Reviewed by Rama Gaind.
By Susan Edmunds, New Holland Publishers, $29.99.
The story is exceptional. It’s a single woman’s guide to money in Australia.
This book challenges the stereotype that women aren’t good with money and offers advice on managing finances, investment, savings, budgets and mortgages, with case studies, exercises, worksheets and quizzes tailored specifically for women.
It’s an all-inclusive, sensible guide to help women who are just starting out in their careers or who have been faced with managing finances after being in a relationship so that they can make the most of what they earn, and plan a long-term strategy for a secure, independent financial future.
When it comes to women, in particular, issues such as gender pay gaps can leave females vulnerable to extra financial pressures. Edmunds is a senior business journalist who specialises in personal finance issues.
She dives into the hurdles that women have to face financially throughout different stages of their lives, the first of which comes from society’s stereotypes. Women are generally paid less and tend to live longer, so they have less coming in and from that they need to make it last longer.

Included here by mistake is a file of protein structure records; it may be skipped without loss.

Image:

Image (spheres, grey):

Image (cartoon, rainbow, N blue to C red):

It’s a confidence issue, not an intelligence one and it’s part of the reason Edmunds wrote this book. At its core, the book is a practical money guide, which covers everything you would expect from a finance book, while acknowledging that there are some extra challenges women need to plan for as well.
“Women need just a big more confidence to know that it’s not scary and it makes such a big difference to your life when you get it right.”
While it covers what you need to know to counteract the financial challenges thrown at women – and most men – it doesn’t change the fact that the challenges still exists.
Nationally, Australia women still earn 14.1 per cent less than men. Female graduates, on average, are still employed at $5,000 less than their male counterparts.
A surprising figure of 40 per cent of women do not have superannuation.
All of these factors – and others – put extra financial pressures on women that then can have heart-breaking results, such as becoming homeless.
While Starting Out Starting Over covers what you ‘need to know to counteract the financial challenges thrown at women – and not men – it doesn’t change the fact that the challenges still exist’.